History comes to us in the modern age as really boring and useless. I have found out why this is so. It is because our educational system makes it about learning definitions, dates, people, and places – memorize, memorize, memorize.
It was not always that way. The first two history books in our culture, as far as I know, were the histories written by Herodotus and Thucydides. I, after having the pleasure to read their books, came to realize that history in the old days was more about moral philosophy. It was truly about learning from people’s past mistakes: greed, envy, power, arrogance, and stuff like that.
The Roman historian Livy is no different. He lived around the time of Jesus. He wrote a comprehensive history of Rome up to his period – about 142 books in all, of which only about 35 still exist. Some great stories in there, and they are important because people no not change. Nations make the same mistakes over and over.
Events occurring during my lifetime are reminding me more and more of Livy. What I will say may seem harsh; but I just ask, think about it. Here we go.
Livy says that Rome was built from nothing and that the first citizens were the homeless, the unemployed, and the destitute – in other words, human garbage. In this new city, there were not enough women, so the Romans threw a party with their neighbors, the Sabines. When the Sabines were good and drunk, the Romans stole as many women as possible. The Sabines attacked Rome but after fighting for what appears to be years, the Sabine women asked that the war end. They were already having children from the Romans, so what was the point?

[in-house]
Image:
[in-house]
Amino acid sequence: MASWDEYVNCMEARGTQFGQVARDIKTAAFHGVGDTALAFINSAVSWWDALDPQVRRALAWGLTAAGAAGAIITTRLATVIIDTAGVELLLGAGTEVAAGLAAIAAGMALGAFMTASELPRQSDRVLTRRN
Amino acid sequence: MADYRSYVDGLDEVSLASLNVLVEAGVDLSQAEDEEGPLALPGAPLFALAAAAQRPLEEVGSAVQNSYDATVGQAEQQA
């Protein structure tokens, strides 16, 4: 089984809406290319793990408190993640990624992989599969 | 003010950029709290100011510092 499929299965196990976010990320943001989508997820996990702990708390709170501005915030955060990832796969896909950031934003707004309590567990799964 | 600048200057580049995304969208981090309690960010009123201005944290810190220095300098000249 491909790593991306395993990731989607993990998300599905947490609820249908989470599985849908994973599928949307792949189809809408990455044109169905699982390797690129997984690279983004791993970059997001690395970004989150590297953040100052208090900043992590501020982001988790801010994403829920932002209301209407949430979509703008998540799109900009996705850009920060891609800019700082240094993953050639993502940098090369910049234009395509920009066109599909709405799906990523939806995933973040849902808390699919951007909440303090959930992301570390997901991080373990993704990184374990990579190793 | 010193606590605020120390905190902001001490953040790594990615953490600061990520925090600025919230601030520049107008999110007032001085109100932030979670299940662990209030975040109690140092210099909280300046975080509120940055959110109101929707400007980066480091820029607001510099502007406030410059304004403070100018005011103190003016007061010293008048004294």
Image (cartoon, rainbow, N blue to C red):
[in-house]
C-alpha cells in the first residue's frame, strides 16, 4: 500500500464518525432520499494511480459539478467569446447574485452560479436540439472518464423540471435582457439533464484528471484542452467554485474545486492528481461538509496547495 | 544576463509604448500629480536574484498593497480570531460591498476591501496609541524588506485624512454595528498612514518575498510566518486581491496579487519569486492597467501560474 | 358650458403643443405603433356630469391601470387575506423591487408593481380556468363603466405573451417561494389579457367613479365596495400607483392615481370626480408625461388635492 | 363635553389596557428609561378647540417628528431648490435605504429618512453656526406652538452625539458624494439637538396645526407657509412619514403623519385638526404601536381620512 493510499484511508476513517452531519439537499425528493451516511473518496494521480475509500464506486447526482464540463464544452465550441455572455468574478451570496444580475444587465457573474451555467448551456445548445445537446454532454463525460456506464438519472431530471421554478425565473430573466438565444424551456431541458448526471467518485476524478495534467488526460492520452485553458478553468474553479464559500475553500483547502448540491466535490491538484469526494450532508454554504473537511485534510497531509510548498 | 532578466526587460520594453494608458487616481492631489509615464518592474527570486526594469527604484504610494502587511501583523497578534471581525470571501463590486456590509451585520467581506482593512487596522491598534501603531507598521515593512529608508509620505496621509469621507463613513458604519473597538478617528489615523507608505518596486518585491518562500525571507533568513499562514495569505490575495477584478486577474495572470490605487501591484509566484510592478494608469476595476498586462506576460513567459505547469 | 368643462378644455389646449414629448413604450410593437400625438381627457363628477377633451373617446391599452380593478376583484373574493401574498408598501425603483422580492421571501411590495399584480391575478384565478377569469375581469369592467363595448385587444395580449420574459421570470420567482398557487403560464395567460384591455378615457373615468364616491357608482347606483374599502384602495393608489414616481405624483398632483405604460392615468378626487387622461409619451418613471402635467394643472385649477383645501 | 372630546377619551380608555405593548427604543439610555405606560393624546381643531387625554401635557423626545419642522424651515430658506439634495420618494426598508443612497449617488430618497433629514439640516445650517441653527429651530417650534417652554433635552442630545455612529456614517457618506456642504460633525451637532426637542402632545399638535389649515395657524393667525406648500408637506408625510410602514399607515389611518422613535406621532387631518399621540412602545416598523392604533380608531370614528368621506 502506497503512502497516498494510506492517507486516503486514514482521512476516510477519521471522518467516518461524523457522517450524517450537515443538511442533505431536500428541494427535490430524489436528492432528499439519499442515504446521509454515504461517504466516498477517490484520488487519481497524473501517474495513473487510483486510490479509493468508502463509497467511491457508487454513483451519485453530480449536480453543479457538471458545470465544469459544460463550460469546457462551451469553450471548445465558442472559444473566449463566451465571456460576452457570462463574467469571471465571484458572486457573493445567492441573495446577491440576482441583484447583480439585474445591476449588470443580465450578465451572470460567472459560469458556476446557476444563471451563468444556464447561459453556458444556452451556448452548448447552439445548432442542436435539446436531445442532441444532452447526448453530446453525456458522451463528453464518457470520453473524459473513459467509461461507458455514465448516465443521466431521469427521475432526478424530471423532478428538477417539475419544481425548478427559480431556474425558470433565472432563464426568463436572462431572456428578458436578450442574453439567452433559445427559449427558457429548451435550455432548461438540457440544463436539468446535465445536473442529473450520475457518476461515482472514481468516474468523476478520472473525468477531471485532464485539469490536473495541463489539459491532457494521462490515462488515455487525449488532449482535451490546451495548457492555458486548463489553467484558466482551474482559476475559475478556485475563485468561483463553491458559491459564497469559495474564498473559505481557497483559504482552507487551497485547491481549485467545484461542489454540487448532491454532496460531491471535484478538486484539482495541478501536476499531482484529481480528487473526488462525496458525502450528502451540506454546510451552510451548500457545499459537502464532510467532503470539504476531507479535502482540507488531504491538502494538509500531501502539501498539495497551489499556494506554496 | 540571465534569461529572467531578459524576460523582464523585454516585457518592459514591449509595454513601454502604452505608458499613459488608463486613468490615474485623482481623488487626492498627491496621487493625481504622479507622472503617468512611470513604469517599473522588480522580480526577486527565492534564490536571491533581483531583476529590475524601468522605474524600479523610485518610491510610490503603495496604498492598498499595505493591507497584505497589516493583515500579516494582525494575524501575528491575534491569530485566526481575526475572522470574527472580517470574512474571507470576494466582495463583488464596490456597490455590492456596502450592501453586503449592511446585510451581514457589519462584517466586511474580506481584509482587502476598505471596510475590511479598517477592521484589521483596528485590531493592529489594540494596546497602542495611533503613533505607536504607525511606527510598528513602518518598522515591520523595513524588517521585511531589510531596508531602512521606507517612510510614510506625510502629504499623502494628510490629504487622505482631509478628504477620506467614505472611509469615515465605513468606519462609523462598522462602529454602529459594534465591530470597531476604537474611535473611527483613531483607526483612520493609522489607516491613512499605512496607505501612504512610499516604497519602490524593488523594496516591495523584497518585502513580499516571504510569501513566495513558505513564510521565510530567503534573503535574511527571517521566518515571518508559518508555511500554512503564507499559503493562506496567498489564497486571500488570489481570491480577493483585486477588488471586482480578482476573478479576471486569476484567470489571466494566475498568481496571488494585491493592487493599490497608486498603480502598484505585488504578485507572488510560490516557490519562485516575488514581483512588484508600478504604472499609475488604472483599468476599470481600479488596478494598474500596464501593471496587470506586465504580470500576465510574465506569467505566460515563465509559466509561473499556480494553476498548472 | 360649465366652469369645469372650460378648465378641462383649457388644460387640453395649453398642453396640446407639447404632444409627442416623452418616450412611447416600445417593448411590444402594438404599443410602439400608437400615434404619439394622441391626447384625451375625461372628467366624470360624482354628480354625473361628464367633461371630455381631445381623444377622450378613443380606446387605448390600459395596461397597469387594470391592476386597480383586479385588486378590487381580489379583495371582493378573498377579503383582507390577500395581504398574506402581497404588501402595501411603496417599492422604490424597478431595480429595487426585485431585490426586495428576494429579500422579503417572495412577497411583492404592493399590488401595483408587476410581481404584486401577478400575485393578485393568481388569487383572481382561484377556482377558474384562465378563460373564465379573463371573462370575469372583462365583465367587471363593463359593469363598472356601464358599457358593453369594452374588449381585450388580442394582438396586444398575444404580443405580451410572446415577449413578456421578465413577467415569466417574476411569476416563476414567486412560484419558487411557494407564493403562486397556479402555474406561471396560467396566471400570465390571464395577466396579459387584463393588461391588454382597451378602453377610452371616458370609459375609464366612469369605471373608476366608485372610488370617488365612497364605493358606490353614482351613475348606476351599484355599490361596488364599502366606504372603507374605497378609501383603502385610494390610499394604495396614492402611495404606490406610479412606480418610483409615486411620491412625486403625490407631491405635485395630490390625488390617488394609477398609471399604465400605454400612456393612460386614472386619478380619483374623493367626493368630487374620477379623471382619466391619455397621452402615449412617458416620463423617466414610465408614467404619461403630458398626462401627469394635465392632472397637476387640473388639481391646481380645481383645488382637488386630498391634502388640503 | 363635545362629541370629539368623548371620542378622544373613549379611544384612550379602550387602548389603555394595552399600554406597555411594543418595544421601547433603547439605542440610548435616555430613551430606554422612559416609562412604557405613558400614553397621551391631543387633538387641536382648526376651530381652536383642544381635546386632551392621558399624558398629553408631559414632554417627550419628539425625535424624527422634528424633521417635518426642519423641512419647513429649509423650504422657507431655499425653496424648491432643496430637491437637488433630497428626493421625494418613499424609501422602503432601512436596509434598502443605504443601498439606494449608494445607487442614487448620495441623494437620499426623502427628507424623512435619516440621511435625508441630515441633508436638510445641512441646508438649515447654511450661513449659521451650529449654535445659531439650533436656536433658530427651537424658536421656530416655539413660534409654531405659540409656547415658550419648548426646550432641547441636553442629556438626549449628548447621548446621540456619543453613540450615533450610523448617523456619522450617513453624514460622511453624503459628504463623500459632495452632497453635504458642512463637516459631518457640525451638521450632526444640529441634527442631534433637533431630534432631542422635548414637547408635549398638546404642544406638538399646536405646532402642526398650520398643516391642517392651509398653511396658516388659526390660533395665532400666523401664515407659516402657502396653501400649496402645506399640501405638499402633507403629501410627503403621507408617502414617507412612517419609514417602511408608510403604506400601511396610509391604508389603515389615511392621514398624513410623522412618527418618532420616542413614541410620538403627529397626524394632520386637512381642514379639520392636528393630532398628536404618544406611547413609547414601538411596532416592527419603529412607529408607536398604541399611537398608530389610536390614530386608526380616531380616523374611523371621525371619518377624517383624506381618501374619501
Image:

They, from the outrage on whom the war originated, with hair dishevelled and garments rent, the timidity of their sex being overcome by such dreadful scenes, had the courage to throw themselves amid the flying weapons, and making a rush across, to part the incensed armies, and assuage their fury; imploring their fathers on the one side, their husbands on the other, “that as fathers-in-law and sons-in-law they would not contaminate each other with impious blood, nor stain their offspring with parricide, the one their grandchildren, the other their children. If you are dissatisfied with the affinity between you, if with our marriages, turn your resentment against us; we are the cause of war, we of wounds and of bloodshed to our husbands and parents. It were better that we perish than live widowed or fatherless without one or other of you
You see how little human life can be valued? Well, here is another one for you. The Romans found themselves pretty much at war with all their neighbors. The Romans were not liked. As time went on, Rome had military success; but that did not matter, because as their empire spread out, people still did not like them. So, Rome kept spreading out to protect its borders, but it never seemed to end. There was always a new enemy just over the horizon.
Therefore says Livy, Rome got an idea: how to solve the manpower shortage in their ever expanding military. The answer was to create a false financial crisis. This plan was successful because, during a financial crisis, the sure place to find a pay check is the military. Rome had a long history of growing powerful off the backs of its poor.
Fast forward to the present. I get very suspicious when I start seeing things in the news about the Dot Com Bubble, Savings and Loan crisis, Mortgage Crisis, and Pandemic. Seems like every time the American people get hit hard financially, there is a war in the near future. In 2012, I spoke to veterans and they told me that they went into the military just to get a pay check after the mortgage crisis.
I always get chills when a crisis hits us. It is compounded when I see our leaders go on social media and post videos of their new refrigerator and all the nice gourmet ice cream inside, while our citizens are being evicted by landlords. Every time the government says that we have to be patient during this “painful” time. Painful? Is that how they describe it? Things never change, yet, things must change. Let us change it.